Arab Mass Media: Newspapers, Radio, and Television in Arab Politics

By Zaharna, R. S. | Journalism and Mass Communication Quarterly, Autumn 2004 | Go to article overview

Arab Mass Media: Newspapers, Radio, and Television in Arab Politics


Zaharna, R. S., Journalism and Mass Communication Quarterly


Arab Mass Media: Newspapers, Radio, and Television in Arab Politics. William A. Rugh. Westport, CT: Praeger, 2004. 259 pp. $49.95 hbk.

Arab Mass Media: Newspapers, Radio, and Television in Arab Politics by William A. Rugh may possibly be the best single-authored text on the subject. Rugh introduces an analytical framework for viewing a spectrum of the different media systems that span the Arab world and then uses that framework to discuss the region's print and broadcast media. Rugh has made the complex manageable and, by extension, understandable. In doing so, he has made a valuable contribution to international journalism and mass communication scholarship.

The book is a research-rich review of mass media development, structure, and function for the Arab world as a whole and for the twenty-two Arab countries individually. The introductory chapter surveys dominant cultural, economic, and political features shared by the Arab mass media. Following this general overview is an analytical framework comprising four distinct media systems: mobilization, loyalist, diverse, and transitional. Each system is explained with ample detail and examples, beginning with the print medium. The final chapters of the book are devoted to broadcast media, including radio, terrestrial television, and satellite networks.

Rugh's analytical framework stems from three research observations. First, the mass media in the Arab world are not a monolithic mass but rather distinct media systems. Rugh identifies four media systems, each exhibiting a discernable pattern of media development, structure, and function. second, the media system of a particular country is influenced by the political, economic, and cultural features of that country's leader and society. As Rugh says, the media respond to and reflect the "environment." Third, the media systems of the Arab world do not fit neatly into Western-derived media models. Applying foreign models, says Rugh, produces a superficial, if not distorted, picture.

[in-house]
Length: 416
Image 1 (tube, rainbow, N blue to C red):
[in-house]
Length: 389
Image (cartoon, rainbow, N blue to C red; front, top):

Several strengths of Rugh's book stand out. At the top of the list is Rugh's expansive knowledge of the Arab world. From the very first page, one gets the sense that Rugh is intimately familiar not only with Arab media but also the coffeehouses where people gather to discuss them. And indeed he is. Fluent in Arabic, Rugh has lived in several Arab countries and has traveled extensively throughout the region. His book draws heavily from oral interviews, a vital source of information in a culture that thrives on interpersonal relations. …

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